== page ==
HOW I STOPPED PROCRASTINATION

Here are some of the insights I gathered while trying to quit procrastinating.



In the last few years, I struggled a lot with prioritising and starting to work on my tasks. I tried many different prioritisation techniques, but I continued to procrastinate and struggle with my work for a long time.


The truth is that even the best methods cannot solve procrastination and demotivation. They can provide a guideline and give some good ideas. However, to become truly efficient, some other things need to be considered first.


These are some of the factors that I believe are more important than any method and tool:


Be aware of your personality type

Your personality type speaks volumes. It is an essential aspect of finding the proper techniques and methods, which will make you more efficient and motivated. A simple list of tasks might be more useful than a mind map with colors and pictures for someone who likes structure and routine. Someone who tends to get lost in details needs to find a way to stop overthinking. For creative people, it might be more fun and motivating to draw To-Dos in the form of pictures. A general understanding of your personality type helps finding appropriate ways to stay motivated and productive. Do not force yourself to use a method just because it is supposedly the best.

If you are interested in finding out more about personality types, have a look at the DISC Model.


Find your WHY

Knowing why specific tasks and projects should be accomplished is significant for ending procrastination. Motivation and productivity can only happen when the purpose is clear and intrinsic motivation gets sparked. Work is not enjoyable and motivational if there is no meaning behind it. If procrastination continues and the WHY sounds like “my colleague wants it” or “to master a new language is cool”, this means that your WHY is not inspirational enough. Be more specific and put more effort into that. You can use the technique called “The 5 Whys”. It is perfect if you want to find your true objectives. You have to start by stating your wish and then ask yourself, “Why?”. When you formulate an answer, ask the same thing again. This process goes on until five why-questions have been asked. After this, you will have a clearer idea of your reasons. If not- continue until you are satisfied with your answer.


Combine and integrate projects into daily routines

From time to time, I faced tasks and projects which I postponed forever, despite many attempts. For example, I wanted to become better at drawing Sketch Notes and learning a new language. Both of them were big and challenging projects, and I had trouble finding the time and motivation to invest in both of them regularly (next to many other projects). Then, I started combining my language learning with drawing Sketch Notes, for example, by drawing Sketch Note scenes and writing the vocabulary next to the pictures. I also started integrating Sketch Notes and language learning into my daily routine. Since then, my grocery lists are sometimes Sketch Notes or written in Spanish. These changes made it fun and easier to integrate into my everyday life than regular learning sessions. Therefore, find ways to incorporate projects into your daily routines or combine them to get started.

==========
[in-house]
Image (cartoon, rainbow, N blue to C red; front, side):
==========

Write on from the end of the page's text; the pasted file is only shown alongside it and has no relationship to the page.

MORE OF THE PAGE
Try different media

The type of media has a significant impact on my motivation. I mainly prefer physical media because it gives me the satisfaction to move things around or tick something off. Apart from that, I use different media for different purposes. One of my projects is organised with Post-its on my door, my To-Dos are listed in a physical notebook, my training plan is written in X-Card style, hanging on my fridge, and for my collaborations, I use online Kanban boards.


Break down tasks

Some projects and tasks overwhelmed me. I was not sure how and where to start. Instead of doing anything, I just postponed these things endlessly. In such cases, it helped me sit down and brainstorm by listing every step and action that came into my mind to achieve that work. Afterwards, I put the results in some order. Until now, that approach has provided me with an overview of the steps that need to be done. Furthermore, smaller tasks do not overwhelm me anymore, and it became easier to start working on them.


Focus on results

At the beginning of being self-employed, I was stuck with an old-fashioned 9 to 5 routine. I was unhappy when I did not manage to work at least 8 hours per day. Working mainly from home didn't make it easier for me. It was hard to stay focused and concentrated for several hours. After some time, I realised that the number of hours spent did not impact my progress. Sometimes, I even worked endless hours but did not achieve anything. As a result, I started to set goals and objectives, which I split up into smaller work packages. At the beginning of every week, I decided which goals I wanted to achieve and moved the related tasks into my To-Do List. From that point on, I started measuring myself by the things I had accomplished. That approach made me focus on results instead of counting hours, I could finally see my progress and achievements, and I could celebrate them.


Conclusion

These are the things that worked best for me. My suggestion is to try different methods and techniques, adapt them, combine them or even create something entirely new. Do not stick to one finding only. It is also ok to have various approaches for different intentions or change the method when the current way is no longer appealing. You are free to experiment and find your own way!